The federal government has expressed fear that immigrants abuse the appellate process to delay their deportations by filing meritless petitions for review with the federal courts. Some courts have responded to these concerns by imposing stricter standards for issuing stays of removal, so that the government can more easily deport petitioners even while their appeals remain pending. The risk with this approach is that immigrants who ultimately prevail may be erroneously deported. What is often overlooked is that the potential for abuse is really a function of time, with longer appeals posing a greater threat to immigration enforcement. This study presents new empirical evidence showing that most circuit courts actually decide immigration appeals faster than previously assumed. Moreover, in many circuits the appeals most likely to be frivolous are resolved especially quickly. These results undermine the concerns that lead the government to oppose stays of removal and illustrate the importance of efficient case management systems to the administration of justice.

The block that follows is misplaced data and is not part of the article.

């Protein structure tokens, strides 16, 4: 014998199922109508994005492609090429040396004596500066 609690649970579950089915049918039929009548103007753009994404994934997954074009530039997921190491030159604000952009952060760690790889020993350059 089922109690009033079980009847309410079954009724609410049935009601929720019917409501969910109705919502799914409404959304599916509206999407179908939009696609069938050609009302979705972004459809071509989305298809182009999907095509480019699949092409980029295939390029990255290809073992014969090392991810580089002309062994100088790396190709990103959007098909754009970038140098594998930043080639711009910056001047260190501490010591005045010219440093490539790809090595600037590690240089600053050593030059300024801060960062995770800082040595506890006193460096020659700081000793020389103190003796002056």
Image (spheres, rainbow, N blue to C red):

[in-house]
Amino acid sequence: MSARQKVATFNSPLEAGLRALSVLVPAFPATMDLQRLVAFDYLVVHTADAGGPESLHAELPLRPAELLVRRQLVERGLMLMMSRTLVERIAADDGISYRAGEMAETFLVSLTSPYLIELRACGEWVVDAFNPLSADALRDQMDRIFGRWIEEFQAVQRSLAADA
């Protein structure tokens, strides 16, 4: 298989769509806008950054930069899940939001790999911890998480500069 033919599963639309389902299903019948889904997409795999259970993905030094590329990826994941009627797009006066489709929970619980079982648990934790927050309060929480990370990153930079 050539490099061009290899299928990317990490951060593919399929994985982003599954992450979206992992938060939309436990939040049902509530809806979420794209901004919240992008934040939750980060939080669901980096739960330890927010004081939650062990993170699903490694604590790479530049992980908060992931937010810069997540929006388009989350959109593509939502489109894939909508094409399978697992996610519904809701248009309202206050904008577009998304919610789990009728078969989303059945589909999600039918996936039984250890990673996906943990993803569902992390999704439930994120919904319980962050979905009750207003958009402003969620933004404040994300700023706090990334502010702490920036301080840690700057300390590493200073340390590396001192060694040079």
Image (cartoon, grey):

63 Cath. U. L. Rev. 679 (2014).
Kagan, Michael; Marouf, Fatma; and Gill, Rebecca, "Buying Time? False Assumptions About Abusive Appeals" (2014). Scholarly Works. 888.